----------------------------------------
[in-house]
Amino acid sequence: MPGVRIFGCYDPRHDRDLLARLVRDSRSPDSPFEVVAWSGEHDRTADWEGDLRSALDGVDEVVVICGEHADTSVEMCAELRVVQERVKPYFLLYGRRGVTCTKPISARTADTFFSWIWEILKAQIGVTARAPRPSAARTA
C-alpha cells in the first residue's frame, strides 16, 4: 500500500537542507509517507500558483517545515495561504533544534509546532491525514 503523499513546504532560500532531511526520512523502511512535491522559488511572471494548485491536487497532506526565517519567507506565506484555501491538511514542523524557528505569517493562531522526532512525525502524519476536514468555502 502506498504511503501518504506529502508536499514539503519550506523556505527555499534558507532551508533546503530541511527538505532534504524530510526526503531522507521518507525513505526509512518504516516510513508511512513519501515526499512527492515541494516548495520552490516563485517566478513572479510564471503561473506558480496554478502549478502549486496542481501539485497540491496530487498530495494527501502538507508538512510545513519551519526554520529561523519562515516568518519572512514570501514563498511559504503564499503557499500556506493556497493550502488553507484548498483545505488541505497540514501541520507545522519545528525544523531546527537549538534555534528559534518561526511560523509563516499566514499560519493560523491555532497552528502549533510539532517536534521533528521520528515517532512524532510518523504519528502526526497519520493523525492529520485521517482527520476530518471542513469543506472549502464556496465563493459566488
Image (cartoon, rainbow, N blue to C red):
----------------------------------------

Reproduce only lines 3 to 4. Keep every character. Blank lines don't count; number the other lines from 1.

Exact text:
C-alpha cells in the first residue's frame, strides 16, 4: 500500500537542507509517507500558483517545515495561504533544534509546532491525514 503523499513546504532560500532531511526520512523502511512535491522559488511572471494548485491536487497532506526565517519567507506565506484555501491538511514542523524557528505569517493562531522526532512525525502524519476536514468555502 502506498504511503501518504506529502508536499514539503519550506523556505527555499534558507532551508533546503530541511527538505532534504524530510526526503531522507521518507525513505526509512518504516516510513508511512513519501515526499512527492515541494516548495520552490516563485517566478513572479510564471503561473506558480496554478502549478502549486496542481501539485497540491496530487498530495494527501502538507508538512510545513519551519526554520529561523519562515516568518519572512514570501514563498511559504503564499503557499500556506493556497493550502488553507484548498483545505488541505497540514501541520507545522519545528525544523531546527537549538534555534528559534518561526511560523509563516499566514499560519493560523491555532497552528502549533510539532517536534521533528521520528515517532512524532510518523504519528502526526497519520493523525492529520485521517482527520476530518471542513469543506472549502464556496465563493459566488
Image (cartoon, rainbow, N blue to C red):